As part of our effort to promote and encourage sportsmanship in the community, the Carl Fricks Sportsmanship Scholarship is presented annually to graduating high school seniors from the St. Louis metro area who embody outstanding sportsmanship. The scholarship recognizes individuals who exemplify honesty, integrity, civility, selflessness, kindness, compassion and class in athletic competition. Candidates are evaluated strictly on their approach, character and respect for others on the playing field. Athletic performance (wins and other stats) does not factor in the selection – making this scholarship truly unique.
Launched in 2009 by the St. Louis Sports Commission Associates – the Sports Commission’s young professionals group – the group raises funds for the program and selects its own recipients. Over the past nine years, $92,500 in academic scholarships have been awarded to 31 college-bound students.
Help us celebrate sportsmanship by nominating a deserving student who has demonstrated outstanding sportsmanship and character in athletic competition. View the bios of past recipients to see the type of attributes and actions the scholarship committee seeks to recognize.Download Application View Previous Recipients
Catherine was the recipient of the top Sportsmanship Scholarship award in 2018. The Francis Howell North soccer and volleyball captain will use her $10,000 award to continue her studies at the University of Kansas. Catherine’s selflessness and class were on full display during a soccer game against rival Fort Zumwalt South. A body check from her opponent caused more damage to herself than Catherine, resulting in a clear scoring opportunity. Rather than take advantage, Catherine stopped her dribble, passing up a chance to score, and went to aid the Zumwalt South player who suffered a significant facial injury.
Kent Stover, Francis Howell North’s volleyball coach said of Catherine, “She exemplifies the ideal of selflessness both on and off the court by treating team members, other students, staff members and all others with consideration and civility no matter their relationship to her.”
Imanté Griffin is an excellent football and baseball player, but an even better role model. Brandon Gregory, Cardinal Ritter’s head football coach, said of his senior captain, “In all my dealings with Imanté, he has shown himself to be a young man of integrity, intelligence, and talent.He has displayed the leadership and work ethic that every coach hopes for from his top players.”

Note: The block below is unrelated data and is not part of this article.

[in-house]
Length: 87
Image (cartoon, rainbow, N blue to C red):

Imanté’s track record of sacrifice and selflessness on the field is one to be both admired and modeled. An opposing player was suffering from muscle cramps and had forgotten his receiving gloves. Not only did Imanté give his opponent a bottle of Gatorade, he gave him his extra pair of gloves, too. Imanté will continue his education at Mid-America Nazarene University.
Pattonville High School’s senior swimming and water polo captain overcomes a tremendous challenge with humility and strength each time she gets in the pool. Madelyn was born without her left arm, but this has not stopped her from giving her best in and out of the pool.
Pattonville Swimming Coach Braswell said of Madelyn, she is a, “humble athlete who continuously displays sportsmanship. She is an excellent advocate and leader for all students and especially students with disabilities.” Madelyn will continue her education at Maryville University.
Lindbergh High senior Connor Kingsland was competing in the state cross country meet when he noticed a fellow competitor struggling to make it to the finish. Without a second thought, Connor grabbed the other runner and they both summoned the strength to cross the finish line together.
Connor’s cross country coach, James Petersen, talked about the impact of his grand gesture. “This was a very proud moment for his parents and me as a coach, having an athlete who is considerate and supportive of others all throughout the season and even in the heat of the highest level of competition.” Connor will continue his education at Western State Colorado University.
For Mary LaBelle, sportsmanship means “acknowledging the other team’s success and talent, respecting the referees and the game, and keeping my attitude classy.” With this perspective in mind, Mary amassed an impressive body of work during her athletic career at St. Joseph’s Academy where she was the captain of the varsity basketball team.
Her reputation is one of helping up a fallen opponent, not being obnoxious during team celebrations, and not arguing with referees over questionable calls. The AD from Villa was astounded by Mary’s attention to detail and doing the right thing. She was the captain that led by example not by words.” Mary will continue her education at Kansas State University.